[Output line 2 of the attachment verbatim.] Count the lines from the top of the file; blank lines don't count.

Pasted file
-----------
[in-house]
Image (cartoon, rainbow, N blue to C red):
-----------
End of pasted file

Image (cartoon, rainbow, N blue to C red):